NJEA gave us plenty of warning that it would advise its local bargaining units to toss N.J.’s Race To The Top application (here’s the full grant proposal) in the circular file. Back on November 7th, NJEA Executive Director Vince Giordano reported at an NJEA Delegate Assembly meeting that “NJEA sent a letter stating we will not sign off on anything that uses standardized test scores to evaluate teachers in NJ.”
If nothing else, you can’t fault them on their consistency. The message from NJEA is clear: input (teaching) is unrelated to output (student performance). From its December newsletter: “both NEA and NJEA have made and will continue to make the case against merit pay” because “great teaching is as mysterious as it is magical; groups who attempt to define it for the purposes of merit pay are unlikely to reach consensus.”
NJEA’s rigid opposition to one of the primary criteria for Race To The Top eligibility is only one of N.J.’s problems in the national competition. Forget about the will he/won’t he capriciousness in the months leading up to the application. (See here.) Forget about the rushed application process. (For context, remember that N.J. unveiled its proposal to districts on January 5th, 9 days before MOU’s were due. Pennsylvania sent out complete proposals to superintendents and districts on December 9th.) Don’t forget, however, about the doubts of school boards and superintendents regarding sign-off.
Star-Ledger: "Many educators expressed cautious support for the ideas, but said they had much to think and talk about before deciding whether to sign."
Philadelphia Inquirer: Michael Moskalski, superintendent and principal of Rancocas Valley Regional High School in Mount Holly, called the state's draft "comprehensive," but said in an e-mail that he would rather see where the new governor stood on the proposal and then submit in the second round of applications in June.
"I have two weeks in which to discuss the draft with my association president and board of education and get their support," wrote Moskalski, who attended yesterday's meeting. "This is not enough time for careful consideration."
The Record: "Before officially joining the application, Segall said he wants to make sure the cost of participating would not exceed the grant Englewood might receive. If teachers leave the classroom for professional development, for example, he has to pay substitutes. His district is reeling from a $4 million loss of integration aid from the state.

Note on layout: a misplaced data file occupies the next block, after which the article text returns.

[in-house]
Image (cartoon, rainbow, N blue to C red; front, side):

"We’re down 19 teachers and five administrators this year compared to last," he said. "If participating requires us to expend a half-million dollars, we can’t."
Certainly, N.J. is not the only state with lack of buy-in from union leadership. But resistance from LEA’s is more troubling. Chalk it up to municipal fragmentation, change-aversion, dread of confrontation with local bargaining units. Maybe it’s some bizarre form of sibling rivalry: half of the potential grant money goes to Title 1 districts, and our wealthier districts already resent their low-income relatives for getting so much attention (financial and otherwise) from the state. It would be helpful if there was some leadership to coalesce around, but the DOE is molting, our lobbying group, NJSBA, is confining its advocacy to posting the application on its website, Executive County Superintendents are silent, and district leadership is splintered into 600 pieces.
Here’s a call from the trenches: sign the MOU. At both a federal and state level, RTTT is evolving into a battle between those who believe in teacher accountability, improved data systems, and improving failing schools, and those who don’t. As union rhetoric escalates, the battle lines harden. Do local N.J. school boards and superintendents want to rally for public education’s continuing lack of accountability or do you want to raise the flag for academic achievement for all children? Which side are you on?